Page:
This event was an excellent opportunity to hear from experts in the social sciences field and learn about current research. It brought together speakers from a range of institutions and domains, covering a variety of topics; the audience being anyone with an interest in understanding more about the brain!
The day was split into three topic blocks: from childhood to adulthood, the effect of health and disease on the brain, and how we can change our brain. From each section something different could be learned to help people live longer, healthier, happier lives.
The first block began with a talk from Katerina Fotopolou, from UCL’s Clinical, Educational and Health Psychology Department. She presented evidence on the importance of something called the ‘embodied relationship’. She explained this to be the link between the physical body and the mental mind, such as how we experience our own feelings and sense of self. This idea is of great importance for good mental health and is the premise behind mindfulness practices. Another talk relevant to the healthcare industry was by Emrah Duzel, who spoke about the problems that ageing populations present. As we age, our brains change physically, resulting in cognitive decline and memory problems; increasingly leading to dementia and Alzheimer’s disease. Thinking about this, is it possible that everyone would get Alzheimer’s if we lived long enough? If so, what can be done to prevent this? It could be that answer for healthy brain ageing may lie in lifestyle factors such as a healthy diet, exercise and seeing friends and family.
The next block focused the effect of disease on the brain. Anxiety disorders are increasingly common, with over 1 in 3 people in the UK suffering from an anxiety disorder in their lifetime and 50% not recovering from it. Oliver Robinson from the ICN proposed that this is because the causes of mental illness are not well understood, and that current treatments are based only on managing the symptoms. He presented his research of using computational models to improve patient outcomes, which use the cause of a symptom (e.g. being biased towards thinking negatively) to inform the treatment of anxious behaviours. This seems a promising line of research for the treatment of mental health issues. Other talks in this section discussed how anxiety can alter perceptions of chronic pain, and that learning from unique case studies in addition to using modern brain scanners can be useful in understanding the relationship between the brain and behaviour.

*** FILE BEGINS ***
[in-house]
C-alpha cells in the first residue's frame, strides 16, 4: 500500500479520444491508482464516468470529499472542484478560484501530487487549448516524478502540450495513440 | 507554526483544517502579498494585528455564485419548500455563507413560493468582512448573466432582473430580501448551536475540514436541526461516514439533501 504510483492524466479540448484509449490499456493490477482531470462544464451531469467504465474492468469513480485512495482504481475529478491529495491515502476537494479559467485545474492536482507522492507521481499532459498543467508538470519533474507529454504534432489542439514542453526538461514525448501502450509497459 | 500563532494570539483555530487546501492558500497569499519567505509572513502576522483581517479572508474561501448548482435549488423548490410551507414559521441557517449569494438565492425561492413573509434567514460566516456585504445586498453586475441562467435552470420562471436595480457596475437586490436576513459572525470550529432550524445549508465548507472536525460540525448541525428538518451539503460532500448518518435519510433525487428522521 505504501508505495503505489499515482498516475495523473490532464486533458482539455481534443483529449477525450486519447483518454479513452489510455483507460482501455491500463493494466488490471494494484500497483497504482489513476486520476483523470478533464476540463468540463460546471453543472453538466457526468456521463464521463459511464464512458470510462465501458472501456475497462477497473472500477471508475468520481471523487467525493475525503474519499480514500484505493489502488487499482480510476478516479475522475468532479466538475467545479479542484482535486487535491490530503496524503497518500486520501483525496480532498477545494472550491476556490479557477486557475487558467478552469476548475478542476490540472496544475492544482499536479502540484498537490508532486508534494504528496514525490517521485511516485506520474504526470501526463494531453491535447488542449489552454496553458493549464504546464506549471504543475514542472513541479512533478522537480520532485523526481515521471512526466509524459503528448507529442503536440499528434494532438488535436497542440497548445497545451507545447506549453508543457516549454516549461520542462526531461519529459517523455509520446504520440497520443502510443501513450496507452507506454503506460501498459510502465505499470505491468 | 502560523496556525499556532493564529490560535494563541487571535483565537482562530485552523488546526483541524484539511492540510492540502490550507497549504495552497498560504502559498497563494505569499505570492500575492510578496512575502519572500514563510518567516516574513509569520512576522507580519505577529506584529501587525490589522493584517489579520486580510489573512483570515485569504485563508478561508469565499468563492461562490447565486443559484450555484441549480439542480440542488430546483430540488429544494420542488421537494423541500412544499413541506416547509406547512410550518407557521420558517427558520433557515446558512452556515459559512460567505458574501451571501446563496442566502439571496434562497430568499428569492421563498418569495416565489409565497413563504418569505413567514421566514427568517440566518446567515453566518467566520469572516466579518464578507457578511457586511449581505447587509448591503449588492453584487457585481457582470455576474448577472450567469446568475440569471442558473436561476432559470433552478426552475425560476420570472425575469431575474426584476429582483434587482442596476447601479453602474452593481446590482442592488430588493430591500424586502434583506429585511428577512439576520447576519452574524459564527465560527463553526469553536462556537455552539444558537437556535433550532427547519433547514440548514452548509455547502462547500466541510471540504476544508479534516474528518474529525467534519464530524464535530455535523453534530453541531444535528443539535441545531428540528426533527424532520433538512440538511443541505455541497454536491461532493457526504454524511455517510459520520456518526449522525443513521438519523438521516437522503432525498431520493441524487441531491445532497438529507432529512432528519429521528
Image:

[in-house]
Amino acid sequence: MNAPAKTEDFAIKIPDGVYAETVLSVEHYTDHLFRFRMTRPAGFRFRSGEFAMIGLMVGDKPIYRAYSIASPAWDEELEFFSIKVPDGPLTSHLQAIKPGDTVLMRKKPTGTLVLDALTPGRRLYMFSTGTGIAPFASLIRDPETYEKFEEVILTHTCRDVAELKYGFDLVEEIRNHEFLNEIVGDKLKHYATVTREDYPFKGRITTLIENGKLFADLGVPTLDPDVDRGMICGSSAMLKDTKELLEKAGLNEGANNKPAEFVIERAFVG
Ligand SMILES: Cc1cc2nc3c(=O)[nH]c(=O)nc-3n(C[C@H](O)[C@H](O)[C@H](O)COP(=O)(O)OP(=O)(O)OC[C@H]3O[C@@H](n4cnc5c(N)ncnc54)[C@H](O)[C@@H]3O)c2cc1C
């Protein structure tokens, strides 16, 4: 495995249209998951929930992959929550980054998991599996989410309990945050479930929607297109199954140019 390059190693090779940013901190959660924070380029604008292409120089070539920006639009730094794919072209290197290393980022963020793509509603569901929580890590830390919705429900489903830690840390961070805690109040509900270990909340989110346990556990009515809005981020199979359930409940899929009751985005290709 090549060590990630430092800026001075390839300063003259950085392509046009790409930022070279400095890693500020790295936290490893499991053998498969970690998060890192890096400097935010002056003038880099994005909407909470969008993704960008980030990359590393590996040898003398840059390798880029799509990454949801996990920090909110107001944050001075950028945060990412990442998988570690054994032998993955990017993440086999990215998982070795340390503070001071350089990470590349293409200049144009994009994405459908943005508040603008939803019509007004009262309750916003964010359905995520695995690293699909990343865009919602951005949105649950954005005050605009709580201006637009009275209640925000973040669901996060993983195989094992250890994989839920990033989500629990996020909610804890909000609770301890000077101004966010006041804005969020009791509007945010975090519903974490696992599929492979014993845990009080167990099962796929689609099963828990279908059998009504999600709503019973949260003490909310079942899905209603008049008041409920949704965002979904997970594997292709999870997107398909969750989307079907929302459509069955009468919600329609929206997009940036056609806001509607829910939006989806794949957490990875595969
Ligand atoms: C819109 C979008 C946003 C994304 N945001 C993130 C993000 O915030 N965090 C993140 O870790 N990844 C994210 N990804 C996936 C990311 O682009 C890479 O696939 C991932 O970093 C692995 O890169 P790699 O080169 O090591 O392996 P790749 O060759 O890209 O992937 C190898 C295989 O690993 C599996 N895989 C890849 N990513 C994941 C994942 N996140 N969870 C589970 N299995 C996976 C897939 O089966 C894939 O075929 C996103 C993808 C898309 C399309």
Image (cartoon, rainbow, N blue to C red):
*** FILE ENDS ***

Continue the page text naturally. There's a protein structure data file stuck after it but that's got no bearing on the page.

The final part of the day examined the idea that the brain can be changed and developed, such as using techniques like education and training in specific working memory tasks. One speaker mentioned that brains are limited compared to Artificial Intelligence (AI doesn’t need sleep, is not influenced by social factors and doesn’t forget things). But on the other hand, the brain is also incredibly adaptable. Tamar Makin spoke about how brain resources can be recruited to work for other body parts, as is the case for amputees and those with artificial limbs. A fascinating case study of a man born without arms showed how he learned to use his toes as if they were fingers to paint beautiful pictures!
For Lauren, the most relevant talk to her role as a Behaviour Change Adviser, was by Elliott Wimmer, from the Wellcome Trust Centre for Neuroimaging. He spoke about how we learn from our experiences, both positive and negative to shape our future behaviour, decisions and habits. The key point was that habitual behaviours are the result of small positive experiences over time. But it only takes one really negative experience for that behaviour to change immediately (e.g. eating something unpleasant that you had previously liked), demonstrating the influence that the experience of disappointment has on our future behaviour compared to happy experiences.
Overall, the UCL Mind the Brain conference was a great day with many thinking points and take-aways for the healthcare industry. It is continuous learning about current thinking that can really make the difference to Bupa’s products and services and improve people’s health and wellbeing.